Indonesia has a low testing capacity, which is due to the low amount of laboratories and competent laboratory workers. As of 20 August 2021, there are 795 laboratories for COVID-19 testing, which are concentrated in Jakarta and West Java. It is reasonable to have more laboratories in areas such as Jakarta and West Java since they have high rates of COVID-19 cases. However, this may weaken testing, tracing and treatment in other areas.


Testing is additionally complicated for many people since the tests are often unaffordable. The high cost of testing is clear: PCR tests account for 30% of the per capita expenditure for the population at the highest income quintile and 80% for those in the following two income quintiles [2].


Figure 2. Number of Laboratories for COVID-19 testing by July 2021


Source: Memo of Head of Research and Development Department of the Ministry of Health Number HK.02.02/II/4491/2021. Downloaded from:

Vaccination progress is unequal across provinces in Indonesia. DKI Jakarta, Bali, Riau Island, Yogyakarta, and North Sulawesi led the vaccination progress and are currently above the national average for vaccination rates. Yet the pace of vaccination across regions remains unequal, due in part to the disparity in health care facilities and workers who are capable of performing COVID-19 vaccinations. The presence of vaccine-hesitant groups who refuse to be inoculated or lack information about the vaccination is also an issue in accelerating vaccination coverage (Ministry of Health of Indonesia et al., 2020).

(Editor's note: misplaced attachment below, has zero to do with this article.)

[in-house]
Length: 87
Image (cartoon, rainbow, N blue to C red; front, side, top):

Figure 3. Relationship between vaccinator and dose 1 administered, as per 21 July 2021


Source: Ministry of Health, calculated by authors. Note: Dose 1 administered is based on 25 July 2021 data.


Meanwhile, there have been innovative methods of reaching and increasing the vaccine coverage of vulnerable populations across regions – from massive vaccination programmes at public places to door-to-door vaccinations. However, vaccination progress of varied vulnerable groups is unclear, as the only disaggregated information available corresponds to public health workers, public sector workers, the elderly and youth aged 12-17. The absence of disaggregated data makes it difficult to define ‘vulnerable populations.’ This may hinder the effort to reach the vulnerable via vaccination programmes since definition allows people to be identified, located and targeted (CISDI & PUSKAPA, 2021).


Lessons learned 1.5 years into the pandemic: Close the gap of health care services


Despite diverse and large-scale policies, more efforts are needed to improve the inclusion of vulnerable populations. Women, older people, children, people living with disabilities and indigenous people can still be left out of vaccination due to pre-existing social and economic inequalities. Limited testing weakens efforts to provide timely and inclusive support for marginalized populations affected by COVID-19. Based on our observations of 1.5 years of Indonesia’s pandemic response, we have drawn three strategies: